CDC's 'Nightmare Bacteria'Reveals Need for Natural MedicinePosted on: Thursday, March 7th 2013 at 11:15 amWritten By: Sayer Ji, FounderGlobally, great fear has been generated by the CDC Director's recent description of a"Nightmare Bacteria" resistant to all medications, capable of killing 1 in every 2 people whoseblood becomes infected with it. But isn't the primary problem that the drugs aren't working, andthat natural medical solutions are needed now more than ever?According to a recent CDC report titled, Lethal, Drug-resistant Bacteria Spreading in U.S.Healthcare Facilities, drug-resistant germs called carbapenem-resistant Enterobacteriacea, orCRE, are on the rise and resistant to all, or nearly all of the antibiotics within the conventionaldrug armamentarium.The CDC describe CRE bacteria as a "triple threat":Resistance: CRE are resistant to all, or nearly all, the antibiotics we have - even our mostpowerful drugs of last-resort.Death: CRE have high mortality rates – CRE germs kill 1 in 2 patients who get bloodstreaminfections from them.Spread of disease: CRE easily transfer their antibiotic resistance to other bacteria. Forexample, carbapenem-resistant klebsiella can spread its drug-destroying weapons to a normalE. coli bacteria, which makes the E.coli resistant to antibiotics also. That could create anightmare scenario since E. coli is the most common cause of urinary tract infections in healthypeople.Tom Fieden, MD, MPH, Director of the Centers for Disease Control and Prevention, generatedquite a bit of alarm by referring to CRE as "nightmare bacteria":CRE are nightmare bacteria. Our strongest antibiotics don't work and patients are left withpotentially untreatable infections. Doctors, nurses, hospital leaders, and public health, mustwork together now to implement CDC's "detect and protect" strategy and stop these infectionsfrom spreading. [emphasis added]'Nightmare Bacteria' or Rude Intellectual Awakening?Truly this is a lesson in humility for the conventional medical system, and if the situation really isa "nightmare" as the CDC's Director describes, it will probably result in waking quite a few folksup, who despite appearing to have been awake were actually slumbering -- at least in theintellectual sense.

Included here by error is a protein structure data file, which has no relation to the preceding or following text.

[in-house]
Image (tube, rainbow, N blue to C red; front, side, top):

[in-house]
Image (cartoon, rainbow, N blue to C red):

Drug resistance – an increasingly prevalent phenomena, whether we are talking about infectionor cancer – is proving to the world that, except for emergency medicine and other rareexceptions, the drugs really don't work as advertised – at least not if the goal is to save lives.Suppressing or "treating" symptoms often results in turning acute health conditions into chronicones, compounded by the subsequent poisoning by a battery xenobiotic (foreign to our biology)medications.The fact that the majority of the drugs used as part of the conventional medical standard of careare xenobiotic petrochemical derivatives rarely gets acknowledged. Folks are being massively,collaterally poisoned in the war against germs and symptoms, and it is the "pathogens" and"diseases" that are being blamed and not our misguided effort to use poisons to fight conditions,most of which, if not being caused by poisoning or nutrient deficiencies and incompatibilities, areat least major contributing factors to them.Declaring Chemical War Against Bacteria Blows BackThe "last resort" antibiotics known as Carbapenems are in a class of β-lactam antibiotics, themost widely used group of antibiotics, which target bacterial organisms by inhibiting cell wallbiosynthesis. This drug class was originally developed from thienamycin, a naturally derivedproduct of Steptomyces cattleya. So, the inspiration behind it, like for most other classes ofpharmaceuticals in existence today, was Nature. But, Nature equips her creations equally withdefenses in the ongoing struggle for balance among species. Bacteria are increasingly resistantto Carbapenems, producing an enzyme called beta-lactamase (more specifically, mettalo-betalactamase-1 (NDM-1)), which attacks the β-lactam ring within β-lactam antibiotics, reducing theirantibacterial effect. The antibiotic resistant gene for NDM-1 is capable of being transferringhorizontally between different bacteria, so it is spreading widely. Since NDM-1's first discovery ina Swedish patient of Indian origin in 2008, it has been detected throughout the world incountries such as Pakistan, India, Japan, Brazil, and the UK, US and Canada.The CDC, and the conventional drug-based medical establishment it represents, is learning thatchemical warfare against "germs" not only has severe limitations. In fact, it is actually creatingeven stronger, more resistant bacteria. MRSA, for instance, that terrible bogeyman of aninfection, is an acronym for Methicillin-Resistant Staphyloccous Aeurus. It actually emergedwithin the context of the overuse of methicillin and other penicillin-type antibiotics; meaning, itexists not despite of antibiotics, but because of them.Bacteria are far more resilient than multicellular organisms such as us. We consider ourselvesmuch "higher" on the evolutionary ladder, but many strains have actually evolved capabilitiesthat we do not have, such as degrading pesticides and chemicals like BPA for us. In fact, someunicellular organisms have even developed ways to use deadly radioactive waste (uranium-238)as an energy source! When we expose ourselves to chemotherapy (yes, antibiotics arechemical therapies), the subpopulation within that bacterial colony that are resistant to thesechemicals actually thrive, as competing organisms have been destroyed, and our own bacterialmediated (probiotic) immune defenses decimated.